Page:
A long time ago, A asked me if I had watched the trailer for Vetrimaaran’s next movie, Visaranai. We spoke about it for a little while, mostly discussing how it was all too much, and would it just be torture porn. But we knew we’d be booking tickets on a Wednesday when show timings for the following weekend come up on the Sathyam Cinemas website. It has been three days since I watched Visaranai now, and I can’t seem to get it out of my head.
Pandi (Attakathi Dinesh), Murugan (Aadukalam Murugadoss, who I’m beginning to like quite a bit), Afzal (Silambarasan) and Kumar (Pradeesh) are migrant labourers, making a living in Telugu country. They’ve been living in a park for the past year, and even the watchman doesn’t think much of them. He is annoyed that they still haven’t managed to learn Telugu. There is a scene where Pandi takes a quick bath in the toilet inside the park. The water is too cold, the sun hasn’t come up yet. Pandi cycles to the store he works in, shivering all the way. I felt sorry for him. But looking back at what happened to him later, I’d say his life was a fairy tale right until then.
When an important person’s house is ransacked, the police, acting on a tip that one of the men spoke in Tamil, round up Pandi and his friends. They first nab Afzal, who is returning from a night show. They ask him for his name, and then ask him which terrorist organization he belongs to. It is surely a twisted sense of humour that makes the most baby-faced actor essay this role.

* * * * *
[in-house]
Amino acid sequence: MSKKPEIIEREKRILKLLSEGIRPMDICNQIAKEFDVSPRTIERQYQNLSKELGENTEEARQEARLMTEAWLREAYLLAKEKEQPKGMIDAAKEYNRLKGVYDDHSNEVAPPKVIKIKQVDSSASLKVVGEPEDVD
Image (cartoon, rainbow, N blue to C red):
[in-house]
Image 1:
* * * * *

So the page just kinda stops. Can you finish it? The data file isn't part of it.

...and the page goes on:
The policemen begin to systematically beat these men, hoping to make them confess to a crime they have no idea about. Surely this is easier than investigating the case. The men are beaten brutally, with sticks and lathis, and what looks like a thick green stem. Pandi appears to be some sort of a hero archetype. He spurs his friends to refuse to eat – their own non-cooperation movement. He refuses to admit to a false case. The inspector decides to focus on him. He hits Pandi with the stem, saying his friends will be beaten up if he falls or screams. Pandi falters initially, and then holds his ground. Again and again. The inspector strikes his ear with all the rage he’s been working towards. We hear a ringing noise and see Pandi fall. I found myself crying. I don’t know what I was feeling. Sad? Angry? Violated? Pained? I didn’t realize tears were streaming down my face. I couldn’t watch, couldn’t look away either.
The four men are released, thanks to a compassionate judge and a Tamil inspector Muthuvel (Samuthirakani – how amazing is he?), who translates their grievances into English. The judge pronounces them free men. Are they really? Muthuvel enlists their help in staging a kidnapping; he is set on catching KK (Kishore), an auditor to the Richie Rich of Tamil Nadu. KK is so important that they say what he reveals will determine who comes into power. But being important can only get you an air conditioned room on your first night at the police station, and a change of clothes. You aren’t much different from a migrant labourer after that. You can still get beaten up, killed, and your body hung from the ceiling fan in your own house, so it’s taken to mean you killed yourself.